Drop A Stitch Drive cr Heather ChildI popped down to see the latest Expressions exhibition at Paintworks, Bristol, last week, and left with a massive smile on my face! It’s such an effusive display of the imaginations, not to mention craft skills, of Milestone Trust’s service users.

Nathan Filer cr Judy DarleyI was lucky enough to be present for the opening, when Nathan Filer, author of the Costa Book of the Year award winning The Shock of the Fall, explained his motivations for writing a book with a mental health patient as its protagonist. He mentioned his desire to put the person first and the condition second, just as he has done in his work as a mental health nurse.

It was a fantastic start to the evening, where the beauty, humour and playfulness of the items on display came before the underlying conditions of the people who made them. This was talent on display, rather than the learning disabilities, mental health needs and dementia of the hundreds of people who created them. Continue reading

Remember Me To The Bees – Hedgehog

Hedgehog cr Louise BoulterThe 16th story in my debut short fiction collection Remember Me To The Bees is Hedgehog.

I wrote this story  in a bid to examine the challenges we can face when trying to identify right over wrong. When does it become acceptable to poke your nose into someone else’s family life? What gives you the right to draw judgement on their home life?

To explore these questions I created a protagonist in the form of a young school teacher whose life seems to be a quagmire of querulous and often inconsistent ideals of morality, and the bullied pupil she wants to rescue.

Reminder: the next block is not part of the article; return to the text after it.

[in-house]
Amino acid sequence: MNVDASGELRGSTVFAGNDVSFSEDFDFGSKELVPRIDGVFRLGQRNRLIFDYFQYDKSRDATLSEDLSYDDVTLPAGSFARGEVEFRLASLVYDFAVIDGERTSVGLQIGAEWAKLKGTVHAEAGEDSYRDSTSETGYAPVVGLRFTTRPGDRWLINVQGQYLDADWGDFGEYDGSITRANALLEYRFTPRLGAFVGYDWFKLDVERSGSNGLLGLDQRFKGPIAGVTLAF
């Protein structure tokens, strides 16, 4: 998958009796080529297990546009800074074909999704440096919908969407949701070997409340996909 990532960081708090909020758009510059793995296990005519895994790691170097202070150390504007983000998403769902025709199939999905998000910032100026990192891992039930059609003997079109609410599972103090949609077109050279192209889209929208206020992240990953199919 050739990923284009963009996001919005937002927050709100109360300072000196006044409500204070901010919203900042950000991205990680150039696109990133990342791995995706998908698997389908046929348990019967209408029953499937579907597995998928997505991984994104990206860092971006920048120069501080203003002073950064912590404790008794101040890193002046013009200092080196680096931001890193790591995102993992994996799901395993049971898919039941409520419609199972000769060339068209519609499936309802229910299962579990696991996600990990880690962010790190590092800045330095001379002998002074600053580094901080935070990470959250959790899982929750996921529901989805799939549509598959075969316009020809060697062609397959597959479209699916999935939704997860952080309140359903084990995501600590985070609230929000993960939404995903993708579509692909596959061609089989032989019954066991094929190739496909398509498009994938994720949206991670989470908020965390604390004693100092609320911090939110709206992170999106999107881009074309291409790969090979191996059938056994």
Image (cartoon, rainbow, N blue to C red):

The artwork is by Louise Boulter.

A short excerpt from Hedgehog

The estate is at the far end of the town from Kiran’s own smart rented flat, line after line of little terraced houses with square scrubby lawns sprouting sofas, armchairs, old television sets – like impromptu open air living rooms. A silver-grey Alfa Romero is parked outside – incongruously posh for the area. Other than that, Timothy’s house is like so many others, the discoloured curtains twitching when she rings the bell. She’s seen his mum just once before, and it’s a shock to be greeted by her narrow, suspicious face, see the deep lines burrowing into her cheeks. She’s only a few years older than Kiran, yet resentment and uneasiness hang over her like the cloud of cigarette smoke she seems to exude through her pallid skin.

“What you want?” She keeps the door half-closed behind her, as though trying to prevent the young art teacher seeing inside.

“Mrs Hedginstall? I’m from Hedgeh… Timothy’s school. He leant me some items of school uniform for a project on Guy Fawkes. I’m just returning them.”

The air smells of milk on the turn, a faint tang of old nap- pies. She looks at the skinny woman in front of her, trying to assess whether it’s possible she’s recently had a baby. There’s no sign of one in the crack of room visible behind her – just a lot of old magazines, ashtrays, general detritus, and a glimpse of a man’s bare arm: strong-looking, densely haired. “Guy Fawkes?”

“Yes, yes,” Kiran tries to refocus on the task in hand. “He tried to burn down parliament. We were building Guys, some of the children supplied uniforms to dress them in.”

She hands over the bag quickly, anxious to be out of there, away from the resentment and the sorrow and the disconcerting stink of outright fear. She all but runs down the front path to her car, all but breaks the speed limit on her way back to the school, and back towards the safety of Ben’s bungalow.

School cr Judy Darley